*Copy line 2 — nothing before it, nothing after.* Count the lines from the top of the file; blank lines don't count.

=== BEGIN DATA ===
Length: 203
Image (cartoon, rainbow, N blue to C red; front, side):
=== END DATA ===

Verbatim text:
Image (cartoon, rainbow, N blue to C red; front, side):